It's no secret, that during the rut whitetail bucks are most vulnerable. Testosterone is high, daytime activity is high, breeding priority is now top of mind, and a buck's protective instincts are a few notches lower.
However, when it comes to the lockdown phase, people tend to "think" the best of the rut is in the past. In reality, the lockdown presents it's own, very unique, yet great opportunity to fill a buck tag but you need to change your strategy to think outside the norm. You need to be an opportunist, it's all about spot and stalk tactics and it's becoming more popular thanks to Whitetail Adrenaline and The Hunting Public.
There's a few different ways to cover ground. Motorized vehicles, cellular trail cameras, glass, and donated boot leather can all be efficient pending the landscape you are hunting.
Across the board cellular trail cameras can be a difference maker when hunting the lockdown phase of the rut. We know bucks will only be courting does for only so many hours and that most recent information from cellular trail cameras can be item that gives you the hot tip. Also, cellular trail cameras allow you to be in more than one place. On limited length trips, out of state hunts, etc... taking some time to hang cameras on the front end allows you to be more efficient through the remainder of your trip. Be sure to setup your cellular trail cameras to transmit data in real time, due to the time sensitivity of data during this phase of the rut. You can focus these camera setups on food sources, doe bedding areas, and "out of the way" spots where bucks like to push does to isolate them. When you get that photo or video sent to your phone act fast!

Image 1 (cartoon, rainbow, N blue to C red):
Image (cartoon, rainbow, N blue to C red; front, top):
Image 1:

In open landscapes, one of my favorite ways to cover ground is from the comfort of a vehicle. Slow rolling through back roads with coffee and your binoculars has been key in recent hunts throughout the great plains and a great way to spend your mid day time or time when in less than ideal weather. The strategy is pretty straight forward, you are looking for bedded does with a buck. Also, be on the lookout for small bucks satelliting the area, take a mental note of their location if you see this - it will be important on your approach. One tip here, is DO NOT STOP YOUR VEHICLE when you find one bedded down! More often than not stopping is going to not only spook the bedded deer but also draw more attention to the area from other hunters in the area.
Using glass at long range can be another way to cover ground. While this is used more in open type of landscapes, plenty of timber hunters also find success with this. Ideally you want to be have several glassing points picked out on your map that can be covered in a single day. While glassing in itself is a true art, the only way to get good is through experience. Pending the landscape it can be tedious work so get comfortable and stay patient. Search an area using a grid system, looking for the smallest movement or body part that resembles a whitetail. Once you are satisfied with your efforts move onto the next glassing point until you find your target.
Donating boot leather is definitely not the most efficient way to cover ground but in some cases it may be the only option. It may sound crazy but just walking until you bump deer will often bring opportunities if you can keep your mental focus. From our experiences, bumping deer during the lockdown is not as detrimental as other parts of the season. When it happens, focus on the doe NOT THE BUCK. Wherever the doe ends up the buck will too. Often times it may only be 100 yards. Keep a visual for as long as possible and give them some time to settle down before your next step. You may need to go back to your map and figure out the most likely place they went and plan your approach accordingly.
While spot and stalk hunting during the lockdown has a unique set of opportunities, it also has its own unique set of challenges. Getting within bow range of multiple deer on the ground is difficult. There are really only two options here. Get close with them where they are bedded or ambush them when the doe decides to move. When the doe moves the buck will follow.